Summer Gardening and Water Saving Guidelines

comments (0) July 29th, 2015

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Summer is an excellent time to enjoy the great outdoors, having fun in many ways during the warm and pleasant season. You will need to pay extra attention to your garden areas however, as the sun can easily scorch them and turn them into dry patches if you're not careful. With the heat wave coming in many countries around the world you should also pay attention to saving water as well. The following tips will give you more information on ways you can deal with the situation, the options and tools available and ways you can make your gardening far easier in the long run:

·       The right tool for the right job

Garden hoses and nozzles are the best way you can efficiently apply water to a wider area, dealing with your plants during lawn care. A lot of water is lost as evaporation, runoff and mist during the summer, so you will need an efficient way of irrigating your whole garden area without losing too much water in the process in the most efficient way possible.

·       Avoiding overwatering of your garden

For most people watering seems to be a task that means providing a minimum of one inch of water for lawns, perennials and shrubs need at two inches a week instead. There are certain things about irrigation you need to keep in mind, since every plant has varying needs in terms of moisture, sunlight, soil and more. When you are certain you have the right moisture levels for your soil, you can simply press down your finger to see how soft and wet the soil is. Hot and windy conditions means you will need to check for wilting around the garden. If you see anything like that happening, you will need to provide the spot with enough water, but avoiding overcompensating with far too much water.Doing that will help prevent root rot resulting from far too much moisture, as well as no and no air pockets for beneficial bacteria.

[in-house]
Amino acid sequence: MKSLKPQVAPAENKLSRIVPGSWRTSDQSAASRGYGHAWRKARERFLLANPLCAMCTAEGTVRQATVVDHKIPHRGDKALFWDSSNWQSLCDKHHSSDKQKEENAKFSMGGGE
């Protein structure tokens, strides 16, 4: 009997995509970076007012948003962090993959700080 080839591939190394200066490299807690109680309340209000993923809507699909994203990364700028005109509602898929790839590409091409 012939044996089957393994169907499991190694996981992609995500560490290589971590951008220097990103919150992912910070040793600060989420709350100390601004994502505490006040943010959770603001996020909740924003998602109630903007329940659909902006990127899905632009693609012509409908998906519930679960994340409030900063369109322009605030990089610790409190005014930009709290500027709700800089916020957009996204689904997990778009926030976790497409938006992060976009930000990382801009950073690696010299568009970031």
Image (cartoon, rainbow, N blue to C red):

·       Never waste water

You should avoid soaking the foliage of the plants when you water, as this will not work all that well for irrigation purposes. This will have much better results in the long run, as it will allow you to water the roots of the plants directly instead of over saturating the whole area. In most cases the shrub root structure will be different so you will need to watch out for any potential puddles or runoff from irrigation that point out where you need to wait for the water to soak in before continuing your work. The same goes for sprinklers, use them responsibly and avoid going too far during gardening.

·       Stopping mulch from crusting over

Mulch is great for keeping moisture safely trapped at the base of your plants and keeping them cool during the hot days of summer. A thick layer of it however can prevent water from soaking through and working on the roots. Mulch is thankfully easily biodegradable, so it will rot on its own and release its nutrients into the soil, which will help stimulate your garden.

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